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      A Temporal Examination of Cytoplasmic Ca 2 + Levels, Sarcoplasmic Reticulum Ca 2 + Levels, and Ca 2 + -Handling-Related Proteins in Different Skeletal Muscles of Hibernating Daurian Ground Squirrels

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          Abstract

          To explore the possible mechanism of the sarcoplasmic reticulum (SR) in the maintenance of cytoplasmic calcium (Ca 2+) homeostasis, we studied changes in cytoplasmic Ca 2+, SR Ca 2+, and Ca 2+-handling proteins of slow-twitch muscle (soleus, SOL), fast-twitch muscle (extensor digitorum longus, EDL), and mixed muscle (gastrocnemius, GAS) in different stages in hibernating Daurian ground squirrels ( Spermophilus dauricus). Results showed that the level of cytoplasmic Ca 2+ increased and SR Ca 2+ decreased in skeletal muscle fiber during late torpor (LT) and inter-bout arousal (IBA), but both returned to summer active levels when the animals aroused from and re-entered into torpor (early torpor, ET), suggesting that intracellular Ca 2+ is dynamic during hibernation. The protein expression of ryanodine receptor1 (RyR1) increased in the LT, IBA, and ET groups, whereas the co-localization of calsequestrin1 (CSQ1) and RyR1 in GAS muscle decreased in the LT and ET groups, which may increase the possibility of RyR1 channel-mediated Ca 2+ release. Furthermore, calcium pump (SR Ca 2+-ATPase 1, SERCA1) protein expression increased in the LT, IBA, and ET groups, and the signaling pathway-related factors of SERCA activity [i.e., β-adrenergic receptor2 protein expression (in GAS), phosphorylation levels of phospholamban (in GAS), and calmodulin kinase2 (in SOL)] all increased, suggesting that these factors may be involved in the up-regulation of SERCA1 activity in different groups. The increased protein expression of Ca 2+-binding proteins CSQ1 and calmodulin (CaM) indicated that intracellular free Ca 2+-binding ability also increased in the LT, IBA, ET, and POST groups. In brief, changes in cytoplasmic and SR Ca 2+ concentrations, SR RyR1 and SERCA1 protein expression levels, and major RyR1 and SERCA1 signaling pathway-related factors were unexpectedly active in the torpor stage when metabolic functions were highly inhibited.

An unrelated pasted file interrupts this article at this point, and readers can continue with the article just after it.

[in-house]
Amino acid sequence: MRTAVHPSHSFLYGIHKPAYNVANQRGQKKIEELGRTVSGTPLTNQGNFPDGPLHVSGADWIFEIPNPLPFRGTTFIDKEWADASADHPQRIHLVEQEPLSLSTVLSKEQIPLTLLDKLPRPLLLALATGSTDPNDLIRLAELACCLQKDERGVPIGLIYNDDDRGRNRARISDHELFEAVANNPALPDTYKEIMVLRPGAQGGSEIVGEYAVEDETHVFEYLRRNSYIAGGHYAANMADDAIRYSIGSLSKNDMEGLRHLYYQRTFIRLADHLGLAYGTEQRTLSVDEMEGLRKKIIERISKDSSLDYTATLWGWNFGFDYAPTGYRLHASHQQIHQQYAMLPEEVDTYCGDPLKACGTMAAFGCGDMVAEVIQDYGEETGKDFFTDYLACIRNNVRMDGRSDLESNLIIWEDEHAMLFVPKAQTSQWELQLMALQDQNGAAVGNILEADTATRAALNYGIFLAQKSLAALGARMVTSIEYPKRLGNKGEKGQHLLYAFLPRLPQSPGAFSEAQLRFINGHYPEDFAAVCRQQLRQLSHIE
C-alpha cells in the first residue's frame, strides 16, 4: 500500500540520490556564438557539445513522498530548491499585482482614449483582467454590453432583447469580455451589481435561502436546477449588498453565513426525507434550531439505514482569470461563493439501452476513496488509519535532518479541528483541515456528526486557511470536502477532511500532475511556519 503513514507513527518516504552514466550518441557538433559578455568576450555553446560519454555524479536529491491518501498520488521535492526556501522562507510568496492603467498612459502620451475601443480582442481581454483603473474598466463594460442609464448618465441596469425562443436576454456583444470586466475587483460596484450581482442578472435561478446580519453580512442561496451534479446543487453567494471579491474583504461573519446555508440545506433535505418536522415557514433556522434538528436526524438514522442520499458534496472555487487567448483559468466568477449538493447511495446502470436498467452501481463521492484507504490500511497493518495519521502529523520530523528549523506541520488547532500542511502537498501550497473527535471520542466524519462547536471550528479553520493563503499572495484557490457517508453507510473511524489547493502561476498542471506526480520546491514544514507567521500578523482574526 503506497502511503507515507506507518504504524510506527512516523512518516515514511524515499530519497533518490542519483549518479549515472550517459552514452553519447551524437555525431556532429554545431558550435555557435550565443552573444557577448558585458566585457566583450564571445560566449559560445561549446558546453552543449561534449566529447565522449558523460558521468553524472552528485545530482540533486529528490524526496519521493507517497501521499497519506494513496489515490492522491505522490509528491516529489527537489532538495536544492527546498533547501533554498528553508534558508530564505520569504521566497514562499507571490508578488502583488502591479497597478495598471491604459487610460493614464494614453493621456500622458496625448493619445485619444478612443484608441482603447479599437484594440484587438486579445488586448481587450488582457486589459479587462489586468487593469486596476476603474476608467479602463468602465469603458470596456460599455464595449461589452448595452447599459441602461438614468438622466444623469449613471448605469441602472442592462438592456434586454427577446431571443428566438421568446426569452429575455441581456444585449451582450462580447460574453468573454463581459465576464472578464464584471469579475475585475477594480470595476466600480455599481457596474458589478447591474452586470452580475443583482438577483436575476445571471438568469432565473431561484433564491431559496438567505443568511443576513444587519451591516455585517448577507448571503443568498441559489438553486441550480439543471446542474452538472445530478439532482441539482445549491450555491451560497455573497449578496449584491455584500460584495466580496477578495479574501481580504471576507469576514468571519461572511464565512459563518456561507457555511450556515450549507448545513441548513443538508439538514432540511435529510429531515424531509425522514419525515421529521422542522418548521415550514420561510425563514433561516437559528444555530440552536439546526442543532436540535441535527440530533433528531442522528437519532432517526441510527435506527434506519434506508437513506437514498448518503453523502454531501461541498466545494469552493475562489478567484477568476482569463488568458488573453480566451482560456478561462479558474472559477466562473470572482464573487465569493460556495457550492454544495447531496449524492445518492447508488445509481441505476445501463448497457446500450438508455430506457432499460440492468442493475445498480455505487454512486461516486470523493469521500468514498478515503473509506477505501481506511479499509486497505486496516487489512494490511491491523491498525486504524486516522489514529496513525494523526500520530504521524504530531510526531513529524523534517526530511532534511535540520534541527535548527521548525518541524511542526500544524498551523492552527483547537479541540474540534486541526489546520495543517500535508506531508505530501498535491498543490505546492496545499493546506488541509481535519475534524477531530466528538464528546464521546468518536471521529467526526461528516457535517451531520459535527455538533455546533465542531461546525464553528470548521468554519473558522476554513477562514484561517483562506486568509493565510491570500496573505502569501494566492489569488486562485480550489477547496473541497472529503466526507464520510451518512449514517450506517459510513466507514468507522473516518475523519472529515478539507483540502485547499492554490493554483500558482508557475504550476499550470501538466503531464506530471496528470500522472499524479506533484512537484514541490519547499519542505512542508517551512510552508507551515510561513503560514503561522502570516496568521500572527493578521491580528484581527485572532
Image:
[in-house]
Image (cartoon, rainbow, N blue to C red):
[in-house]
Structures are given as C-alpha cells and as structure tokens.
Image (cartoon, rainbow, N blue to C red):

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          Most cited references 45

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          The calpain system.

          The calpain system originally comprised three molecules: two Ca2+-dependent proteases, mu-calpain and m-calpain, and a third polypeptide, calpastatin, whose only known function is to inhibit the two calpains. Both mu- and m-calpain are heterodimers containing an identical 28-kDa subunit and an 80-kDa subunit that shares 55-65% sequence homology between the two proteases. The crystallographic structure of m-calpain reveals six "domains" in the 80-kDa subunit: 1). a 19-amino acid NH2-terminal sequence; 2). and 3). two domains that constitute the active site, IIa and IIb; 4). domain III; 5). an 18-amino acid extended sequence linking domain III to domain IV; and 6). domain IV, which resembles the penta EF-hand family of polypeptides. The single calpastatin gene can produce eight or more calpastatin polypeptides ranging from 17 to 85 kDa by use of different promoters and alternative splicing events. The physiological significance of these different calpastatins is unclear, although all bind to three different places on the calpain molecule; binding to at least two of the sites is Ca2+ dependent. Since 1989, cDNA cloning has identified 12 additional mRNAs in mammals that encode polypeptides homologous to domains IIa and IIb of the 80-kDa subunit of mu- and m-calpain, and calpain-like mRNAs have been identified in other organisms. The molecules encoded by these mRNAs have not been isolated, so little is known about their properties. How calpain activity is regulated in cells is still unclear, but the calpains ostensibly participate in a variety of cellular processes including remodeling of cytoskeletal/membrane attachments, different signal transduction pathways, and apoptosis. Deregulated calpain activity following loss of Ca2+ homeostasis results in tissue damage in response to events such as myocardial infarcts, stroke, and brain trauma.
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            Endoplasmic-reticulum calcium depletion and disease.